An outdated film that verges on the obscene

A scene from the movie.

A scene from the movie.  

Thunai Mudhalvar’s greatest achievement is that it has somehow circumvented the censor board’s regulations to get a U certification.

Everything about Thunai Mudhalvar — its plot, its setting, its pace, its depiction of women — is dated. So long as you’re in the theatre watching the film, you can actually engage in an interesting thought experiment by pretending you’re in the 80s. This datedness is never more obvious than during a scene when a politician attempts to woo voters by showing a titillating film; his choice of actress — Shakila. If I were Sunny Leone, I’d be pretty offended. But the sleaze… oh, the sleaze. I’m not even exaggerating when I say that there’re scenes so sleazy that they’d be right at home in an adult website — scenes I don’t even dare write about. Thunai Mudhalvar’s greatest achievement is that it has somehow circumvented the censor board’s regulations to get a U certification.

The plot, however, is pretty interesting. You have Periya Paandi (Bhagyaraj) who wins as an independent candidate in his constituency, and on whose choice the fate of the government depends, as the two major parties end up with the same number of seats. But the storyline is treated with almost laughable seriousness, and when coupled with substandard acting and Tamil television soap-like production values, the story just doesn’t matter. You have the occasionally decent joke — the one where Chinna Paandi (Jayaram) gets scared by a politician’s gun and tries to walk out on Periya Paandi is quite funny — but as the cliché goes, even a broken clock is right twice a day.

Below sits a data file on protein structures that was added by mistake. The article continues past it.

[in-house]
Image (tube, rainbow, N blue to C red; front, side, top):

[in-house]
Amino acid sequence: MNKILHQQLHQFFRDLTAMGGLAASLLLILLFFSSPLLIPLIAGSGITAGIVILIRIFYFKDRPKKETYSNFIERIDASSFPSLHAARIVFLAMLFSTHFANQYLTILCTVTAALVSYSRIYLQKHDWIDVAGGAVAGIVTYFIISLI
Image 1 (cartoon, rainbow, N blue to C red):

What a fall from grace for actress Sandhya though, who, apart from dancing to lines like — Kaasu Veesina, Un TASMAC da — plays Chinna Paandi’s girlfriend, an inconsistent character, who has a problem with politicians distributing alcohol for votes, but not with Periya Paandi’s wife performing a raunchy dance for the same purpose. In fact, she even joins in the revelry. Shweta Menon, meanwhile, plays Periya Paandi’s wife. The only reason she is characterised as a Malayali seems to be to show her in a blouse and mundu, and have her husband make advances to her with malligappu and alvaa.

I’ll stop here. Any more analysis is only wasted on a film whose disclaimer has the word smoking spelt ‘smokeing’.

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Printable version | May 26, 2020 5:07:47 AM |

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